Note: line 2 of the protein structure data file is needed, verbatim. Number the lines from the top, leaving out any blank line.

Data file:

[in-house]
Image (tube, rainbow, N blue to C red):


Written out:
Image (tube, rainbow, N blue to C red):